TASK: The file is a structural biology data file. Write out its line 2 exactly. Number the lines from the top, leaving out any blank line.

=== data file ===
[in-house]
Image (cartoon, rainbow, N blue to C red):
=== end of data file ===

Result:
Image (cartoon, rainbow, N blue to C red):